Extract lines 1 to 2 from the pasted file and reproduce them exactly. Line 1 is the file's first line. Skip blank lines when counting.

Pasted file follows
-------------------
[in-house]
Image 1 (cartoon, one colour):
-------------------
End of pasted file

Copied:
[in-house]
Image 1 (cartoon, one colour):